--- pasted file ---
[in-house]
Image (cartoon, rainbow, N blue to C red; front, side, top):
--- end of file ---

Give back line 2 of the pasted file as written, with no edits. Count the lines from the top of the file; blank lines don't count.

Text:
Image (cartoon, rainbow, N blue to C red; front, side, top):